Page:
There are two types of games: "Winner’s Games" and "Loser’s Games." Now this doesn’t mean that losers play only certain games, while winners play other games. It has nothing to do with personality characteristics. By "Loser’s Game," I don’t mean that investors are losers. It is just a way to classify games to help us understand them better.
The outcome of any competitive game depends upon the actions of
both the winner and the loser of the game. This does not always imply
the winner’s actions will dominate the outcome. Many games are not won,
but rather, are lost. It is important to understand the distinction.
Winner’s Games are those games whose outcome is largely determined
by the actions of the winner. Loser’s Games are those games whose
outcome is largely determined by the actions of the loser.
Amateur tennis is a loser’s game. Non-highly-trained players do
not possess the skills to deliver excellent serves and returns with
consistency. An attempt to try harder to deliver superior shots,
compared to the opponent, will not meet with success, but double faults
and shots that go out of bounds. Trying harder to make great shots will
mean that you are giving the opponent points. The player is not only
competing against the other player, but also against the inherent
difficulties of the game. The more competitive the amateur tries to be,
the more the inherent difficulties of the game will beat him down.
The amateur who has not mastered the fundamentals of the game is
far better off just trying to deliver a shot within the tennis court
bounds than trying to outplay the opponent. Keep the ball in play and
give the opponent the opportunity to mess up the shot. And, the harder
the opponent tries, the more likely he will mess up!
If you were playing a professional tennis player, the situation
would change drastically. Professional tennis is a winner’s game.
Professional tennis players have mastered the fundamentals of the game.
You must not only master the fundamentals of the game to win, but you
must also deliver superior shots. You must outplay your
opponent to win. Returning the ball within court bounds is not enough.
The opponent probably won’t mess up and might well force a shot you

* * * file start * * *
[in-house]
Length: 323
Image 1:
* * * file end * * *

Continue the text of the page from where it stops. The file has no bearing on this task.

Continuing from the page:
Investing is a loser’s game. It is a loser’s game, not only at the
amateur level, but also at the professional level. Over time, trying
harder to achieve superior returns will usually lead to inferior
returns. Trying to time the stock market, day trading, buying options,
and most active investment advice approaches investing as though it were
a winner’s game—believing you can actually conquer and beat the market.
If, for example, you had felt that the stock market was overvalued
and due for a correction, and you had remained out of the stock market
for the year 1995, you would have missed one of the market’s best years
ever. But, maybe, you also missed the big market drop of 1987. What
could you conclude from this? Probably, as with my streak of tennis
losses, you would tend to remember the victories (or, near victory shots
that led to losing the game!) and forget the defeats.
You reason that if only all your tennis shots or investment
decisions had been as great as the best ones you remember, you would
have won decisively! But, seeking that one great shot is what cost you the match.
You would tend to explain your victory as confirming proof of
market timing and your skill to do it, while the defeat would be
interpreted as only indicating a need to improve your methods slightly!
You are interpreting investing, and more specifically, market timing, as
though it were a winner’s game. It is not! It has never been shown that
anyone, I repeat anyone, can master stock market timing.
Looking for stocks you feel might go up ten or twenty times from
their present price in a few short years is also a form of trying to
invest in the stock market as though it were a winner’s game. Or, given
the late 1990’s you might be seeking growth stocks that go up 100 times
or more in a few short years!
After all, you recall Dell, Cisco, Yahoo, and other companies
which shot up by amazing amounts. To buy such speculative stocks implies
you feel confident in finding opportunities that are grossly
misevaluated by the market. Usually, you will not invest in the next
Dell or Cisco, but, rather, the next He-Ro apparel company of the day.
That is to say, a lousy investment. This can lead to huge losses.
Individual investors usually have not mastered business evaluation
and fundamental analysis sufficiently to actively select the very best
aggressively-chosen stocks from among the larger market. But don't feel
bad. The professionals who are paid millions of dollars haven't done
Understanding that investing is a loser’s game at heart should keep you
from trying to force too many shots. Rather than looking for one big
winner, aim for consistency in your results. The bulk of an intelligent
investor’s portfolio should be invested in high-quality, larger
companies purchased at reasonable prices. Such a portfolio will likely
beat, not only a market timer’s portfolio, but also a speculative
portfolio of "carefully" selected, aggressive stocks on a risk-adjusted
[This seemed familiar. Looking in my copy of The Investor's Anthology, this article looks like a rip-off (or adaptation) of The Loser's Game by Charles Ellis. Ellis also apparently wrote a book around the article called Winning the Loser's Game, now in it's sixth edition.]